Whether rich or poor, homey or worldly, it’s about keeping the loved ones together and passing on the family wealth most efficiently.
Whatever your station, you might learn a thing or two from the problems faced and solved by others. As the New York Times notes in a recent article titled “Looking for Ways to Keep Money From Dividing a Family” you can especially learn from those who happen to be part of an exclusive club like Tiger 21.
Tiger 21, if you are unfamiliar, is a club of investors that happen to have $10 million to invest and recently met to discuss the very issues of estate planning and keeping the family together as detailed in the original article. As you would imagine, these are families with especially large and unique planning considerations, and some complex ways of making it all happen. Their struggles and solutions, as a result, are all the more instructive.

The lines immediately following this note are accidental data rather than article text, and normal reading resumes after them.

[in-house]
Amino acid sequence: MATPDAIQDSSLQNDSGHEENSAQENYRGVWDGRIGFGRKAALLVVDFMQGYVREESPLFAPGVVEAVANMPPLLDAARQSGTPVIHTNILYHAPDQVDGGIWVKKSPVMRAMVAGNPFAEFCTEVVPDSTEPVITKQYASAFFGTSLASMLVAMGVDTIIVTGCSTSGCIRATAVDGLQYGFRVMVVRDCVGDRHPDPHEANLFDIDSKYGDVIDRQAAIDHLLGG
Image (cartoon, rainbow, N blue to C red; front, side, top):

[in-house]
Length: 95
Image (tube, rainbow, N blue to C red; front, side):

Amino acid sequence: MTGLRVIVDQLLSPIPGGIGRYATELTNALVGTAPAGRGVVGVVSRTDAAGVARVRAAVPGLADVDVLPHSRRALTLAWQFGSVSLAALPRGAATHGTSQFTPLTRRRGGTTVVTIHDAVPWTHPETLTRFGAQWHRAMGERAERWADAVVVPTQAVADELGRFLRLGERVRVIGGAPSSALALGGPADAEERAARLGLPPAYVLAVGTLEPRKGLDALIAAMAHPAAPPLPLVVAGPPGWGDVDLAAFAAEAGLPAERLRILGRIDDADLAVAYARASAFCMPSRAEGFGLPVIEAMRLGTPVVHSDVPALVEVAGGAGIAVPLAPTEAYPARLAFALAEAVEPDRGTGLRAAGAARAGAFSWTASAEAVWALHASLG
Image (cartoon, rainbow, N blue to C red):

Even if you’re not a card-carrying member of the club, the principal problems the members face are powerful and the article gives us a few to chew on. For example, how do you pass on wealth and what conditions do you attach to it? On the one hand, you don’t want to be overbearingly paternalistic. However, there is definite value to setting goals and, especially, when it comes to not spoiling the young.
So, how do you make the plan work? It has to be set on a solid legal ground and also understood in the familial way that it is intended. And just what will keep the family together? What will prevent infighting and actually keep the family members together as a core group?
There are some personal stories sprinkled throughout the original piece and, because your family is unique too, these are principals you may want to apply and questions you may want to ask of yourselves. How will you keep the family together?
If you would like to create or update your estate plan to create the legacy you want, call our office today to schedule time for us to talk. Our office is located in Santa Ana, CA but we serve all of California including Irvine, Orange, Tustin, Newport Beach, and Anaheim.
Reference: The New York Times (March 21, 2014) “Looking for Ways to Keep Money From Dividing a Family”